I Moved Across The Country For A Guy I’d Never Met & It Turned Out Great

I was attending NYU in New York when I met Dave on Facebook. We started chatting regularly and two years later, despite the fact that he lived in Wisconsin, we entered a long-distance relationship. While I never thought anything serious would come of it, we eventually decided to move in together and I packed my things and moved halfway across the country—despite the fact that we’ve never actually met in person. Here’s why I don’t regret it.

I knew I wasn’t getting catfished. I trusted Dave but took commonsense measures to ensure he was who he claimed to be and conducted the usual social media, Google, and background searches. Nothing he hadn’t told me about popped up in my findings. Additionally, the opportunity to get to know his family and friends stood out to me as a sign of authenticity. He also shared enough personal information for me to feel confident that there he wasn’t an imposter.

Life in NYC wasn’t working out. I miss Brooklyn dearly and was bittersweet about leaving, but the decision to move wasn’t a difficult one. Although my relationship with Dave was certainly a factor in my destination of choice, I had my own reasons for moving. Unable to keep up with NYC’s ever-increasing cost-of-living, I’d descended into what felt like a bottomless vortex of financial despair in the months leading up to my move. The bottom line is that I had to go somewhere. I thought to myself ‘why not try out Wisconsin?’

My lifestyle preferences had changed. When I first moved to Brooklyn from my small upstate New York hometown, I would’ve tolerated nearly anything for the sake of making life in the Big Apple work. Three roommates crammed into a shoebox? No problem. Heat “included” in the rent, but barely works? No problem. Twin mattress on the floor? No problem! But it gets old.After affording my own apartment for nearly three years, I hit hard times financially. A few months before moving to Wisconsin, I got a roommate. But unlike before, I was unable to tolerate the lack of privacy. Moreover, I was tired of having nothing to show for an income that was enough to avoid struggle in most other regions. Put simply, the strategies and sacrifices that would’ve enabled me to remain in NYC weren’t worth the diminished quality-of-life.

It wasn’t “just for a guy.” If I had a dollar for each time I received criticism to this effect, my plane ticket out of New York would’ve paid for itself. People seem to think that I impulsively packed my bags and ran to Dave without thinking things through. Some even got the impression that I wasn’t an active participant in our jointly-made decision about my move – as if I were too naive and inexperienced at life to have made a rational choice. I moved to be near someone I love and want a future with. I wanted this. Nobody forced me to do it. How is this ‘just for a guy’ and not for myself, as well?

I wasn’t tied down. Nothing was anchoring me to New York City – my family doesn’t live there, I don’t have children, and I work from home. Aside from the costs associated with getting myself and my things from point A to point B, I didn’t incur any serious losses by relocating. After all, my rent was going to be cheaper and my pay would stay the same – ‘what’s to lose?’ I figured.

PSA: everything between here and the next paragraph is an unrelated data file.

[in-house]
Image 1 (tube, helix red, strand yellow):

I don’t base my decisions on fear. Was it scary to move from a huge city that I’d grown to know and love to a small suburban area that I’d never been to, knew nobody in, and wasn’t sure if I’d like? Hell yeah, it was scary! But I wasn’t going to let the fear consume me. People move long distances, into unknown territory, and start new lives daily. ‘Why not me?’ I thought.

I saw moving as an opportunity to start over. I saw Wisconsin, a place I’d never been to, as a blank slate – an open door, a fresh opportunity to transform my life into what I want it to be. After being unsatisfied with the way my life was going for a number of years, I realized a geographical change couldn’t hurt. Having my lover by my side is a major bonus.

I’m ready to settle down. In the past few years, the idea of settling down with someone has become increasingly appealing. I began to envision having a partner to go to bed with and share every aspect of my life with and became averse to casual dating in any context – friends-with-benefits, flings, one-night-stands – all of it. When Dave and I established a strong enough bond to seriously entertain a future together, I felt like I’d found the type of partner I was looking for – someone I can build an amazing life with.

Circumstances prevented him from being able to move. Dave and I were open with one another about our pasts. He’s currently paying his dues for some past mistakes. Around the same time our online friendship took a romantic turn, he was sentenced to jail time for a first-time non-violent offense. He’s currently on probation and must remain in Wisconsin for the duration of it. While Dave was open to the idea of continuing a long-distance relationship, we both knew deep down that it wasn’t realistic to carry it on much longer.When my decision came down to either having our relationship be finite or preserving it by being closer to each other, it was a no-brainer for me. I knew going into the relationship that Dave’s situation was complicated, so it didn’t come as a surprise that moving to be near him became part of the equation.

I love him. Dave is my soulmate. I would regret not giving this relationship a shot and I was more than happy to move for the sake of doing so. My feelings for Dave are strong enough for me to envision the possibility of a long-term future together – including, perhaps, marriage and starting a family together. That may not be enough for some people to relocate, but it was enough for me.

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